As the summer finally arrives, heat rash becomes a real worry for parents, especially those with small babies who are torn between protecting them from the sun and avoiding wrapping them up so much that they overheat. Babies are particularly vulnerable to heat rash as their sweat glands are not yet fully developed and so will block more easily than the glands of adults.
What is heat rash?
Heat rash, also known as sweat rash or prickly heat, and medically known as miliaria, is a reaction to blockages in the sweat glands on the skin. This usually happens when you sweat too much. Dead skin cells and surface bacteria are drawn into the sweat glands and block the pore, causing sweat to build up under the skin surface. This causes the rash of small bumps or blisters that you get on your back, neck face and legs.
If these small blisters burst, they can become very itchy, hence the name prickly heat. Unfortunately, scratching will only burst more blisters and make the condition worse.
How to avoid heat rash
It may seem obvious, but the best way to avoid heat rash is to avoid getting hot. This means wearing light, loose fitting clothing, taking a cool shower or carrying a fan.
When it comes to looking after little ones, you should dress them how you would like to be dressed yourself in hot weather, with cool, cotton, loose fitting clothing. You should also make sure that their sleeping area is cool and that they don’t have too much bedding on hot nights.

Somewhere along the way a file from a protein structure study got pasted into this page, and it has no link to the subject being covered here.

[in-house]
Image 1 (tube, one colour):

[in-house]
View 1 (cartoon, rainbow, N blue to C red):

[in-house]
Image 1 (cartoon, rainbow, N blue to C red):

Is heat rash dangerous?
In most cases, heat rash in not dangerous and will clear up by itself in a few days. It can be very uncomfortable, especially for babies, so you should do what you can to keep them cool and sooth their skin. A cool bath or shower is good, especially if you can let them air dry rather than rubbing with a towel, which may irritate the blisters. Calamine lotion and hydrocortisone cream can also be used to soothe a heat rash.
If the rash does not go away in three or four days, or becomes swollen, tender to the touch or infected, you should consult a doctor. Always see a doctor if your child develops a temperature with a heat rash, or if they have swollen lymph glands in their groin, neck or armpits.